Thinking of starting a corporation in the state of Florida? You’ve come to the right place: the attorneys at Handin Law specialize in many types of law, one of which is corporate law. Here, we will break down this daunting topic to help you decide whether forming a corporation is a right move for your business – and how to get it started.
Florida Corporate Law: Naming
You may be starting this process with a name for your corporation already in mind. But did you know that Florida has naming laws in place? The name of your corporation needs to include the words “incorporated” or “company,” or their respective abbreviations. This is the simplest, most obvious way of telling the public what type of business you’re running.
The name of your corporation can’t be too like other existing corporations – even if you use different variations of an existing name. For example, you can’t name your Mexican restaurant Chipotle Co or Chipotle Inc., since it’s too like the existing Chipotle franchise. Your corporation’s name also can’t suggest a non-existent affiliation with a city or government, such as Palm Beach Mexican Restaurant Co.
Forming Your Corporation
There are several steps involved in forming your corporation. Here’s what you need to do to get off the ground:
All Florida corporations require filing the following articles with the Department of State. They must be signed by a corporate officer, president, or director to be considered valid. The documents must also clearly state the corporation name, location, and reason for existence: what sort of need or service are you providing?
Determine Corporation Type
In the state of Florida, corporations can be one of several types, such as a simple corporation, professional corporation, and, also, there are not-for-profit corporations.
People speak about S- corporations or C corporations. These are not different kinds of corporations. The letter designation indicates how the corporation is taxed. Either as a separate entity or with the profit or losses flowing through to the individual shareholder’s tax return. Think about the goals of your business and the type of service or product you’re providing. A corporate law attorney can help you figure out the most accurate way to classify your corporation.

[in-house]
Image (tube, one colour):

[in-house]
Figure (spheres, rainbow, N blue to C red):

Establish Corporate Bylaws
The purpose of bylaws is to explain how your business will be run, as well as describe provisions for internal function.
This can include, but is not limited to:
- What your corporation aims to accomplish.
- The number of directors, including how they will be selected and how long a term they will serve.
- The rights of shareholders.
- How to appoint corporate officers.
- How to issue or transfer stock.
- How to conduct meetings with shareholders.
- How to handle internal conflicts.
- How to remove directors, if necessary.
- How to amend bylaws, if needed.
Corporation directors adopt the bylaws after the articles have been filed. Having an attorney guide you through this process can make it seem less daunting or confusing and ensure that no important detail is left out.
Choose Directors and Officers
Your corporate bylaws should describe a method for choosing directors and officers. The state of Florida requires directors for every corporation, whose role is to make decisions regarding business policies. Corporate officers manage the daily ongoings of the business, President, Vice- President, Secretary or Treasurer. Other designations can be made which define the officers function which may include the roles of CEO (chief executive officer), CFO (chief financial officer), and COO (chief corporations’ officer).
Corporate Law and More in Coral Springs
Starting a corporation can be a daunting process. Here at Handin Law, Gary Handin and his staff are here to help. We are well equipped to represent your personal and professional interests. To schedule an appointment, call today at 954-796-9600. Our expertise in business law has helped the residents of Coral Springs, Florida for over 50 years.